Animals and humans have shared a special bond since eternity. There are a lot of instances when animals have made sacrifices, fo...
Animals and humans have shared a special bond since eternity. There are a lot of instances when animals have made sacrifices, fought courageously, behaved intelligently and have entertained millions. In fact, furry creatures and humans have even come together in times of war to defeat a common enemy. Animals have also inspired mankind toward the conservation of wildlife.
Read here about 10 famous animals who’ve played a pivotal role in history.
Back in 1925, the doctors confronted a huge dilemma when diphtheria epidemic broke out in Nome and the only serum that could save life was in Seattle. After failing to deliver the anti-toxin via aeroplane, they planned to opt a risky option. And hence the officials decided to use several dog sled teams for transporting the antitoxin to the village. ‘Balto’, the brave black & white Siberian husky, lead the team and ran through the deadly and stormy night to deliver the serum.
At the time of World War I, many carrier pigeons played a crucial in delivering messages over enemy borders. The homing pigeon ‘Cher Ami’ truly lived up to her name and proved to be “dear friend” for soldiers of US army (Cher Ami is French for ‘dear friend’). She heroically delivered 12 missives during her services to U.S. Army Signal Corps in France. But she delivered the most important one in October 1918.
Major Charles White Whittlesey was trapped along with other hundreds of soldiers behind the enemy borders. In order to rescue them, Whittlesey decided to send out a message to his fellow countrymen through pigeon.
The first two birds were shot but Cher Ami, despite being injured, carried the message that said,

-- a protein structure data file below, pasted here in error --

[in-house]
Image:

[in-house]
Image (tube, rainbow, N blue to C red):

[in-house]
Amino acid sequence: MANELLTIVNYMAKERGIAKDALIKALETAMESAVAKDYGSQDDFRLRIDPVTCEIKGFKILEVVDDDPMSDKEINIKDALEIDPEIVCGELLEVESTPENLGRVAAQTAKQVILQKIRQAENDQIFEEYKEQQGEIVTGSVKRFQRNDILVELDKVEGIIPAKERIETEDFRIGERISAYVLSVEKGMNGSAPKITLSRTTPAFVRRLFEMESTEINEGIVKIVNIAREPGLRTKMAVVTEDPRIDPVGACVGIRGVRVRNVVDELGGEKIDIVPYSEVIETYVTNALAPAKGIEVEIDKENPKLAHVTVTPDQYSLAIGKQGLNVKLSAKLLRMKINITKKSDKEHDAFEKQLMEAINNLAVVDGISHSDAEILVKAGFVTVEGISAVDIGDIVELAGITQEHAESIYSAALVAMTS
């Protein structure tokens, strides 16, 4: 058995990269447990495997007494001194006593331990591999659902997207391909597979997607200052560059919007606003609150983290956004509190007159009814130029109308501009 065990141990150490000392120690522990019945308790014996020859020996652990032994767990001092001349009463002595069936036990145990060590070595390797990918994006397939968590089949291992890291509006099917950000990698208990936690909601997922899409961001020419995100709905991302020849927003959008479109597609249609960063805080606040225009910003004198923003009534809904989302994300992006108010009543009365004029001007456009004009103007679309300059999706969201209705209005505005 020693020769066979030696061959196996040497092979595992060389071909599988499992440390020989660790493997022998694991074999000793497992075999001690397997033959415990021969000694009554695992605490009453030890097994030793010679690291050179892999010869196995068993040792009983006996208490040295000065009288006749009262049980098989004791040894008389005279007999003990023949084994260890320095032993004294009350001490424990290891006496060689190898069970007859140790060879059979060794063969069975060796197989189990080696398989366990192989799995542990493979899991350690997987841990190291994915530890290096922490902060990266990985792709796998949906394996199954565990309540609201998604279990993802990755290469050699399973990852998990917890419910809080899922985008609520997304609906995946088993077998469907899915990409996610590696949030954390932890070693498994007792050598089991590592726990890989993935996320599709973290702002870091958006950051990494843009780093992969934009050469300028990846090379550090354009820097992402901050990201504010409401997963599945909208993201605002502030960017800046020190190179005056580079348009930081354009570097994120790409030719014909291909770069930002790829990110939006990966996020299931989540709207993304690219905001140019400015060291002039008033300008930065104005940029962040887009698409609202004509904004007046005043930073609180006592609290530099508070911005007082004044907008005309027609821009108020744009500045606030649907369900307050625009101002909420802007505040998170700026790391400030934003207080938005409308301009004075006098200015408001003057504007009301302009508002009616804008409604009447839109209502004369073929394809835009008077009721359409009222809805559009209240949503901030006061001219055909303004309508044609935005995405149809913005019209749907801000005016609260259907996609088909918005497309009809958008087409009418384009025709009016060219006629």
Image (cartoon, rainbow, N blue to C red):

"We are along the road parallel to 276.4. Our own artillery is dropping a barrage directly on us. For heaven's sake, stop it."
And this helped in putting a halt at the bombardment and the American troops were then saved. Cher Ami was honored with ‘Croix de Guerre’ medal for her act of bravery. After her death in 1919, her body was preserved and is on display at the Smithsonian Institution.
(Video Credits: Keppler Speakers)
Before 1960, the scientists thought that only humans could make the and use tools. However, in November 1960, the iconic primatologist Jane Goodall noticed a chimpanzee (who she had named) David Greybeard using a grass stalk for extracting termites from a termite hill. She even spotted him and another chimp making fishing tools by removing the leaves from twigs.
She told American journalist Bill Moyers in 2011,
"[David] was the first chimpanzee who let me come close, who lost his fear. He helped introduce me to this magic world out in the forest."
The horse ‘Beautiful Jim Key’ was a star performer around the 20th century who along with his trainer/owner entertained roughly 10 million Americans. He was covered by every major newspaper of that time.
The human training techniques helped him read, write, tell time, cite Bible passages (where horse is mentioned), sort mail, use a cash register & telephone and do arithmetics (for numbers below 30). He even brought African-Americans and white together.
The then American President William McKinley after seeing one of the Keys' performances at an exposition in Tennessee proclaimed,
"This is the most astonishing and entertaining exhibition I have ever witnessed."
A British wildlife conservationist and author George Adamson and his wife Joy adopted a small lion cub named Elsa in 1956. The couple raised Elsa at their home and trained her to hunt on her own and helped her in developing abilities required to survive the world. In due course, they decided to release her and she did survive.